Council of Heads of Australasian Herbaria
This database, prepared on behalf of the Council of Heads of Australian Herbaria (CHAH), follows on from the sixth (1997) edition of the published version of Plant Systematics Research in Australia. The scope of this database is similar to that of previous published editions in that it includes not only research on the Australian flora, but also extends to areas pertinent to the understanding of the evolution and biogeography of the Australian flora, such as New Zealand, Papuasia, Malesia and New Caledonia. Entries from these regions are by no means exhaustive. Attempts have been made to obtain information from all research interests directly concerned with the taxonomy and systematics of the Australian flora. The base data were collected from returns of a questionnaire sent out in October 1995 to contributors of previous editions and those known by recent activity through herbarium loan records. This data was collated in early 1996.
It was foreshadowed in the Preface to the 1997 Edition that the data would in future be made available on-line at this URL, this has taken longer than expected but became available from January 2004.
Unlike printed editions, this database is dynamic, allowing for periodic or even continuous updating. It is anticipated that this will initially be through the Editor, Kirsten Cowley, but with time this task will be devolved to registered people in various institutions.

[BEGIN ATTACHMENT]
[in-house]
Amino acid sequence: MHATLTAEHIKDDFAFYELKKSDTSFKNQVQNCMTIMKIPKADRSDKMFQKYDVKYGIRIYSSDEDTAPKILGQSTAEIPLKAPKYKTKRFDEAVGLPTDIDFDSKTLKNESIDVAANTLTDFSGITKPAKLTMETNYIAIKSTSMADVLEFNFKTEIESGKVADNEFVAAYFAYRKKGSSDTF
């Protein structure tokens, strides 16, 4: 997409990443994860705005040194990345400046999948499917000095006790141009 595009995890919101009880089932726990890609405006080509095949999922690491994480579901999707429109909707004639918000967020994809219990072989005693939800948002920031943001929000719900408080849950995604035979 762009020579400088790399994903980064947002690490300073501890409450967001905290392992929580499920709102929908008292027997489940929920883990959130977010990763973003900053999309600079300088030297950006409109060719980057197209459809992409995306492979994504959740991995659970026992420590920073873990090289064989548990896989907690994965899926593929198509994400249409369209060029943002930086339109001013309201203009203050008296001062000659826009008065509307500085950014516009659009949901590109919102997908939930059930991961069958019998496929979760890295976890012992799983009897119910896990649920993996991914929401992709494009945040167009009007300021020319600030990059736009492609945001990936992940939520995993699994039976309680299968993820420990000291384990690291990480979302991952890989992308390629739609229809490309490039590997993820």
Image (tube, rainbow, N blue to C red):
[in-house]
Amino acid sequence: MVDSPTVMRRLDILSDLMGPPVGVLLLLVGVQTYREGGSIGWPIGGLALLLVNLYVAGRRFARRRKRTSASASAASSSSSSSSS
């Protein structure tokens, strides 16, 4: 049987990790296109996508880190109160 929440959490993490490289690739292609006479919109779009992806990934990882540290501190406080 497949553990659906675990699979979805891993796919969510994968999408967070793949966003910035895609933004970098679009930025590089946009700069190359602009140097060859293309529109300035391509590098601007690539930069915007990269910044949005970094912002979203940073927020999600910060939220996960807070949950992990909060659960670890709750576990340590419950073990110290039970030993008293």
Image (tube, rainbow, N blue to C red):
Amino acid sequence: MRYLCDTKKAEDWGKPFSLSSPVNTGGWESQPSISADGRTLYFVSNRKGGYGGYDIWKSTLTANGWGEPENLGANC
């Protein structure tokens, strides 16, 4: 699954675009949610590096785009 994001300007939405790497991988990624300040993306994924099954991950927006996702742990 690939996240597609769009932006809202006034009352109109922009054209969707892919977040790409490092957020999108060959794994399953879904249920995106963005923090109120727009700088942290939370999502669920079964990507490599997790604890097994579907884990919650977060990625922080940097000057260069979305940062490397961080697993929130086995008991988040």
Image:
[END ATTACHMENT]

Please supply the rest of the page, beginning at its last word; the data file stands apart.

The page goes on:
The preparation of this database was completed by the Centre for Plant Biodiversity Research, Australian National Herbarium, drawing on the combined resources of both CSIRO Plant Industry and the Australian National Botanic Gardens. A number of people from these organisations have contributed, but in particular, thanks are due to Kirsten Cowley and Christopher Puttock, the editors of the 1997 printed edition, Kirsten and Greg Whitbread for development of the datafiles and Marcel Cratochvil through XOR Pty Ltd for preparation of the database access via the web. CHAH provided financial support for data entry and development costs.
Judy G. West, Director
Australian National Herbarium (CANB)
Centre for Plant Biodiversity Research